Deputy Gouverneur Steven Vanackere — © BELGIAN
The National Bank warns the financial sector to gradually increase savings rates so as not to scare away its loyal savers. The bank will issue an advice to the government this week.
Today at 06:44
The National Bank can only conclude that the Belgian financial sector is doing well. With us there is no danger that a bank can collapse quickly, unlike the American bank SVB or the Swiss Credit Suisse. What’s more, with a return on investment of around 10 percent, the Belgian banks are also doing much better financially than their European peers, who are around 6 percent. “But that is rather a problem for the European banks. Ten percent is what you should expect”, Deputy Governor of the National Bank Steven Vanackere qualifies that difference.
Anyway, our banks are doing quite well and yet the interest on savings accounts remains excruciatingly low. And the National Bank sees that too, they feel that the banking sector is slowing down to get to those savings rates. “Although there are extenuating circumstances,” says Vanackere. “The banks are coming out of a difficult period. The company’s own revenue model was under pressure due to the low interest rates on mortgages. Now interest rates are rising, but that only concerns the new mortgages. Most mortgages are existing loans with a fixed interest rate and banks earn little from that.”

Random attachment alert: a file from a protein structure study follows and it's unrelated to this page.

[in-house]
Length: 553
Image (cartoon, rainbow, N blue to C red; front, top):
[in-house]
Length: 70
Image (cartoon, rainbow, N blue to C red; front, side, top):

Very faithful, but…
Vanackere therefore understands that the increased long-term interest rate cannot immediately be passed on to the savings accounts. “You can’t apply that one to one. That is a movement that happens slowly, we understand that. But it shouldn’t take too long either,” he warns.
The National Bank points out that if the banks do not raise interest rates on savings, they may well drive loyal savers away to other products and other places. “However, the banks’ business model is built in such a way that they need those loyal savers. Especially here in Belgium, savers tend to park their savings very faithfully and for a long time in the savings account. This gives the banks stability to provide mortgages and make investments themselves. It’s not to their advantage to drive that saver away now. That would create an unstable market.”
Coming Friday, the National Bank will provide advice to Minister of Finance Vincent Van Peteghem (CD&V) on whether or not it is compulsory to raise savings interest rates. Vanackere insists that the advice is not yet ready, but that one measure would be unwise for all banks. “The financial sector is very heterogeneous. One bank does indeed enjoy the income from the 3.25 percent interest at the European Central Bank (ECB), but the other has no money parked there and therefore does not enjoy it. We think it would be unwise to tar all banks with the same brush.”